EducationLocalWilliam J. Ford

Md. Public Schools to Remain Closed Until April 24

Maryland schools Superintendent Karen Salmon announced Wednesday all the state’s schools will remain closed through April 24 due to the novel coronavirus pandemic.

Salmon said she conducts multiple calls per week with local superintendents and received plans “on the continuity of learning” for students in the next four weeks. The state issued a prior date to reopen schools Monday.

“We do not make this decision lightly,” she said during a press conference in Annapolis while standing six feet from Gov. Larry Hogan. “However, with the challenges facing our state and our country, we have a responsibility to ensure the health and safety of our school communities and the communities at large. While it is too early to definitely say exactly when schools would reopen, we will continue to reassess the situation as we move forward.”

Salmon said child and day care centers will remain open for those deemed essential personnel such as health care workers and food distributors.

She said the state has identified space for 1,200 school-aged children to stay at local YMCAs, public libraries and community centers where workers can take their children. The goal will be to increase the number to 2,500 spaces in the next few days. People can register their children at 1-877-261-0060.

“I am so grateful for our educators and child care providers across the state for their commitment to our children and their school communities,” she said. “I appreciate everyone’s cooperation during this difficult time.”

The Maryland State Education Association released a statement supporting the decision to keep schools closed.

“It’s heartbreaking to know that so many children will miss out on field trips, art projects, athletics, performances, and the everyday enjoyment of being with friends and learning new things together,” said Cheryl Bost, president of the association. “Educators have stepped up since the first day schools were closed and will continue to do all we can to support our students as we work together to overcome this crisis.”

Maryland joins the District of Columbia pubic schools in closing through April 24 and providing hundreds of meals to students at various sites.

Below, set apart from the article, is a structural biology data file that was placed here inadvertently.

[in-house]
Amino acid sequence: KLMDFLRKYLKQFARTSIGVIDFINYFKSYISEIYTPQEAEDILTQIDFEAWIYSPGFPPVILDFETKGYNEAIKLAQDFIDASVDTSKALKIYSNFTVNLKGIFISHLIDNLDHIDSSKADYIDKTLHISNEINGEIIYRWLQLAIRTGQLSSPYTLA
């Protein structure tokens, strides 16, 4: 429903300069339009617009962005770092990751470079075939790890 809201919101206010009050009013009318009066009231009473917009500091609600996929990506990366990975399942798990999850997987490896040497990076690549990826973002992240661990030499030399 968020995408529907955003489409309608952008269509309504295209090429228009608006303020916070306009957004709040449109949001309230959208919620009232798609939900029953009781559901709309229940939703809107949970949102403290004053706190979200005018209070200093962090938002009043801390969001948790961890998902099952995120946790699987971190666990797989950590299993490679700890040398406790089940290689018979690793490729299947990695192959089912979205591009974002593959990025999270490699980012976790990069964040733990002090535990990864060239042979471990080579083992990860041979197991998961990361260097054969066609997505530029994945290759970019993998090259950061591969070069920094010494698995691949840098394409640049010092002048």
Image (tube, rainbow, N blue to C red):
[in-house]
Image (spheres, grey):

Virginia Gov. Ralph Northam announced Monday public schools will remain closed for the rest of the academic year and called the measure a “necessary” step to combat the novel coronavirus, also called COVID-19.

In Maryland, Salmon said the state will help school systems with resources, information on distance learning and seek “creative ways to make sure we are educating our students with disabilities.”

Prince George’s Public Schools CEO Monica Goldson issued a letter to the school community on surveying students and families who need technology access in preparation for distance learning, as well as ensuring high school seniors receive assignments and other information to graduate.

Goldson said during a press conference Monday all proms and graduation ceremonies are postponed. In a letter sent later that day to parents and other stakeholders, PGCPS said commencement ceremonies could take place “later this summer” and officials are working to secure venues to reschedule senior proms.

“I know how much we have missed each other, but our schoolhouse doors will remain closed for a while longer,” she wrote in letter Wednesday. “We are working to ensure that PGCPS provides every resource possible to support you during this time. These unprecedented circumstances continue to evolve and we will continue to prioritize the wellbeing of children, families, employees and our entire community.”

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William J. Ford – Washington Informer Staff Writer

I decided I wanted to become a better writer while attending Bowie State University and figured that writing for the school newspaper would help. I’m not sure how much it helped, but I enjoyed it so much I decided to keep on doing it, which I still thoroughly enjoy 20 years later. If I weren’t a journalist, I would coach youth basketball. Actually, I still play basketball, or at least try to play, once a week. My kryptonite is peanut butter. What makes me happy – seeing my son and two godchildren grow up. On the other hand, a bad call made by an official during a football or basketball game makes me throw up my hands and scream. Favorite foods include pancakes and scrambled eggs which I could eat 24-7. The strangest thing that’s ever happened to me, or more accurately the most painful, was when I was hit by a car on Lancaster Avenue in Philadelphia. If I had the power or money to change the world, I’d make sure everyone had three meals a day. And while I don’t have a motto or favorite quote, I continue to laugh which keeps me from driving myself crazy. You can reach me several ways: Twitter @jabariwill, Instagram will_iam.ford2281 or e-mail, wford@washingtoninformer.com

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